The world they are sent into is the one they have been taught since infancy to see as populated by the disciples of Satan, where the black descendents of Cain are free to roam the streets kidnapping and eating white children; I cannot imagine the terror they must feel. No one knows how many of these “Lost Boys” there are, but they number in the thousands. As unfathomable as it seems to us, their mothers are active, willing collaborators in this practice.

They are all of them deluded, all of them - men along with the women - the product of and victims of abuse. All of the adults including the women are collaborators in the perpetuation of these practices. It is not so simple as to allow the drawing of a bright line with “Men = Evil” on one side and “Women = Innocent Victims” on the other.

If we are going to have sympathy for the female victims of this horror – and we certainly should – then we must also have sympathy for the victimized males. All of the adults, including those at the top, are the product of unthinkable abuse and manipulation, twisted into what they have become by generations of the cruelest sorts of operant conditioning. The FLDS adults are, all of them, both victim and perpetrator; it will take enormous effort and careful, judicious thinking to properly sort out this mess and appropriately punish, help and forgive what has been done.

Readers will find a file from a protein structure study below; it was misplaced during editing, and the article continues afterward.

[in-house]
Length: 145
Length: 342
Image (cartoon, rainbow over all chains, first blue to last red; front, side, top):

FrenchDoc's picture
Submitted by FrenchDoc on

All your points confirm what I wrote and the review and my responses to Historiann.

Again, when I emphasized patriarchy (as the rule of the father / elder / prophet), the "lost boys" as they are called, are certainly victims (and sometimes of sexual abuse themselves in addition to their excommunication into a world they don't know and their exploitation for labor.

So, the women may "perceive" a benefit, but in reality, it is still mechanisms of oppression... whatever benefits a "first" wife gets still contribute to her playing the competitive game and her oppression.

The ones I do not consider victims at all are the prophets themselves (Jeffs, Blackmore). They live in obscene wealth and enjoy all the amenities of the American society while making their flocks live in a 19th century theocracy.

But I think we established in another thread that you were more charitable than I am. :-)